Now that the nation has spanked Rush Limbaugh for his heavy breathing over Sandra Fluke, and there has been open ridicule of the Virginia legislature’s vaginal ultrasound laws, you would think that there would be a chilling effect on similar sentiments and legislation elsewhere. Apparently not.
It seems that there was some kind of general memo distributed to elected officials in state houses around the country that read, with Svengali-like enchantment: Non-Procreative. Sex. Must. Cease. Looks like we’re seeing more pre-abortion vaginal ultrasound and fetal personhood legislation proposed in state after state, and that memo was spread around long before Rush flapped his gums.
According to the Guttmacher Institute, this last year alone close to a thousand new laws have sprung up across various states, limiting or punishing reproductive choice for women. All Rush did was openly broadcast the fight over our vaginas. Conservatives in state legislatures and local governments have been doing the rest of the footwork, long before Sandra Fluke spoke up. They had hold of The Memo long before Fluke-Limbaugh made the news cycle(s) of March.
To some, the ludicrousness and misogyny of these laws signal the last thrashing of a dying conservative movement, but in his newest article, leading progressive political messaging expert George Lakoff thinks otherwise. Lakoff says in his article “The Santorum Strategy”:
This is anything but an irrational position for radically conservative Republicans. Quite the contrary. It fits conservative moral logic — the logic used by conservative populists, male for sure and for many women as well. In some respects it embodies the most powerful aspects of conservative moral logic, strengthening conservative moral logic in the minds not only of conservatives, but also of independents who have both conservative and progressive world views and swing between them.
Here’s how that logic goes.
The strict father determines what happens in the family, including reproduction. Thus reproduction is the province of male authority. The strict father does not condone moral weakness and self-indulgence without moral consequences. Sex without reproductive consequences is thus seen as immoral. If the nation supports birth control for unmarried women, then the nation supports immoral behavior. The conservative stress on individual responsibility means that you and no one else should have to pay for your birth control — not your employer, your HMO, or the taxpayers.
Having to pay for your birth control also has a metaphorical religious value — paying for your sins. This is a classical slippery slope narrative. If no one else should have to pay for your birth control, the next step is that no one else should have to pay for any of your health care. And the step after that is that no one else should be forced to pay for anyone else. This is, everything should be privatized — no public education, safety nets, parks, or any public institutions or services. (emphasis mine – fb)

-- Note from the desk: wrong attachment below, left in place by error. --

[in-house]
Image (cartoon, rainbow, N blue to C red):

That is what makes conservative moral logic into such a powerful instrument. And conservative and independent women can be pragmatic about the birth control details, while accepting the moral logic as a whole.
Incidentally, Rush Limbaugh’s ‘slut’ and ‘prostitute’ remarks, while even more extreme than Santorum, make sense to conservatives in terms of the same conservative moral logic. Limbaugh apologized for those two words, but not for the logic behind them. Even after the apology for the two words, the logic lingers.”
Professor Lakoff says the campaigns of Mr. Santorum, Gingrich and Romney, as loony as they are, have an agenda. This is not the end of conservatism but the full flower. The job of the 2012 campaign for the Republicans is, in effect, “The Santorum Strategy,” which — aside from Republican re-taking the White House and Congress — is to “ingrain the conservative agenda into the national dialogue permanently.”
What better way to do it than to engage the entire country in a national dialogue condemning pre-marital sex and asserting the Constitutional right for freedom of religious expression for churches opposing contraception? How else can you get those concepts blasted into the public consciousness than to have the fatuous Mr. Limbaugh proclaim it in the most vile and insulting way possible? Oh, it’s burned in there alright. This is how Rove gets his base into the voting booths. In 2000, it was the fight over custody of Elian Gonzales and in 2004, it was San Francisco’s massive lines surrounding City Hall for gay marriage ceremonies. In 2012, its the year of the Sluts v. America.
As astute as Professor Lakoff is, I came away from reading his article feeling cheated out of examples of what the progressive community could do to provide a framing with similar moral imperative for our side of the argument. Lakoff is a consultant after all, and wouldn’t want to give away trade secrets for free. We’re just the bitches, sluts and whores whose lives, bodies, and the people who love us are at stake. Outside of the Occupy Movement, which created the 99% v. 1%, what do we have? Even with the many great and hilarious efforts in response to Virginia’s ultrasound law and other female contraception-impeding legislation, we could use more of our creativity to draw back the conversation to the morality of justice and equality. Hey, you know, there was a memo written about that nearly 150 years ago.
Whatever happened to that?